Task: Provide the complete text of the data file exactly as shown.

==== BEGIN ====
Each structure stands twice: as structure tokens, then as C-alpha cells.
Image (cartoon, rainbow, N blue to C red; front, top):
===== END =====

Each structure stands twice: as structure tokens, then as C-alpha cells.
Image (cartoon, rainbow, N blue to C red; front, top):